Saturday, 3 March 2012

The Antarctic toothfish

As winter sets in ice made landing here at
Cape Adare impossible for the Our Far South team.

Well the Our Far South crew are on their way north now.  Unfortunately the ice around Cape Hallett and Cape Adare had moved in and made any landing impossible – the first signs of the winter freeze are appearing down here – pancake ice and the coming of night.  We did get a good close look at the Possession Islands where a number of our intrepid explorers took a sub-zero dip.  We leave with mixed feelings; regret for leaving such a magical place and the anticipation of the welcome call of home we are now heading for Campbell Island which we will reach in a few days time. As we travel north the team is busy with seminars and wide discussions about fishing, climate change and its effects on the Antarctic, and tourism.

It’s about time I talked about the lead actor in the fishing scene down here – the Antarctic toothfish.  A definite case of beauty being in the eyes of the beholder, the one adjective that first comes to mind is ‘big’.  Imagine a blue cod the length of a 12 year old human and of a similar weight, colour it grey, paint a few black bands on its fins, give it several rows of stubby teeth and a wide gaping mouth and you’ll start to get the idea.  The ‘Toothfish’ moniker applies more its close cousin the Patagonian toothfish which has a serious row of wolf-like teeth at the front of its jaw – not so it’s more southern relative. 

Antarctic toothfish can grow to a very large size.  The largest I have seen was over 2 metres in length and weighed 155 kg.  At this size we generally find that their reproductive organs have atrophied - they are long past the age of spawning.  Generally though, they live to about 35 years and by age 13 at least half the males are spawning.  Females seem to mature a bit later so that by 16 years at least half of them are reproductively active.

We know that spawning takes place during the winter, when the Ross Sea Region is covered by ice, on the shallow hills and ridges of the Pacific Antarctic Ridge to the north of the area.  Some of the research I have been working on indicates that before they spawn they feed up and gain condition in the more southern 'slope' region (a steep area of seafloor where the shallower 'shelf' descends into the deep sea).  During this time we think that they 'bulk up' and store energy as lipid fat - like fuel if you like - to sustain them over their spawning period in the north, where food is more scarce and toothfish are crowded on restricted grounds.  As most spawning has finished by the start of the season it is uncommon to find fully developed females.  The few that I have seen have carried huge egg masses, one fish I examined of about 60 kg in weight contained 26 kilograms of eggs, a huge investment in reproduction. The eggs are large - about 3mm in diameter or the size of tapioca, but still very numerous. What happens next is still not fully understood.  The most likely hypothesis, and one we are now piecing together with direct observations, is that the eggs and larval fish drift with the easterly flowing currents associated with the Antarctic Convergence and possibly reach as far as the Drake Passage between Antarctica and South America;  in fact, some may continue further eastwards into the Scotia Sea. Generally however, as the small toothfish develop they move south close to the coast and ice shelves where there is a westerly flowing counter-current, the Antarctic Coastal Current.  Over a number of years as they grow larger they continue a gradual movement back westward.  We can see this trend when we measure the lengths (sizes) of these 'juvenile' fish from different areas of the shelf along the Pacific sector of the continent.  In fact this measurement is a major aim of the pre-recruit survey that I have already covered in another blog. Eventually this westward movement tends northward as they reach Ross Island and the western side of the Ross Sea proper into deeper trench around Terra Nova Bay - from where they move north again onto the 'slope', thus completing the cycle.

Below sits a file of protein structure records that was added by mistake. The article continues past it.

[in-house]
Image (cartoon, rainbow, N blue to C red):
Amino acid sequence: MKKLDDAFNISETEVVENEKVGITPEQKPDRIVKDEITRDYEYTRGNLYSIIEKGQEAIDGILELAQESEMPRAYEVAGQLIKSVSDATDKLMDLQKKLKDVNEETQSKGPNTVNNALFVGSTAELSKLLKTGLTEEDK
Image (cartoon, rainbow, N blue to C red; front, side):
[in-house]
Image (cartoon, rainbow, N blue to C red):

What do they eat? Literally anything… As part of our research during the years I have worked down here we have examined the stomach contents of many thousand Antarctic toothfish.  They are non-selective and voracious feeders – we have found many species of Antarctic fish in their stomachs - some of which have been fresh enough to supply as museum specimens to Te Papa.  They also eat, squid, prawns, skates, the remains of penguins killed by leopard seals, we find rocks,  in fact just about anything that they encounter and find remotely interesting and that will fit between their stubby toothed jaws ends up inside.

Interestingly there are records from krill trawlers and whalers from the past era of commercial activity that indicates that these large fish do not restrict their activities to the bottom but move up and down in the water column.  The lack of a swim bladder which suits rapid vertical movements and  the fact that they see using natural light rather than having a yellow filter on the eye (as is the case for many species adapted for the deeper sea) supports this.  The fishery catches them on the bottom in water depths from about 800 to 1700 metres deep.

The New Zealand fleet working in the Ross Sea region have gained Marine Stewardship Certification. This is a reflection of the effectiveness of the CCAMLR management system, an independent evaluation of the sustainability of the stock, and a clear tick to the vessels’ responsible operations.  The effect of this is that another body additional to CCAMLR is monitoring our advances in knowledge and management of this precious resource.

Which leads on to the next blog – Fishing and the Antarctic Environment.